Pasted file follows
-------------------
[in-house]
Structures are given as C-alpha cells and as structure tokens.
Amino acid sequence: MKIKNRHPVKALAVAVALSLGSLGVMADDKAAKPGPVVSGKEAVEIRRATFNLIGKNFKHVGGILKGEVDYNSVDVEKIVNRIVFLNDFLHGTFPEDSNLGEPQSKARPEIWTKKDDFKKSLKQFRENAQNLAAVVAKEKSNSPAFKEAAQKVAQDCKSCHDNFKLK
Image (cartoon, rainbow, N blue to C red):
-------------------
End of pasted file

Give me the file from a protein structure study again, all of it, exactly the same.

[in-house]
Structures are given as C-alpha cells and as structure tokens.
Amino acid sequence: MKIKNRHPVKALAVAVALSLGSLGVMADDKAAKPGPVVSGKEAVEIRRATFNLIGKNFKHVGGILKGEVDYNSVDVEKIVNRIVFLNDFLHGTFPEDSNLGEPQSKARPEIWTKKDDFKKSLKQFRENAQNLAAVVAKEKSNSPAFKEAAQKVAQDCKSCHDNFKLK
Image (cartoon, rainbow, N blue to C red):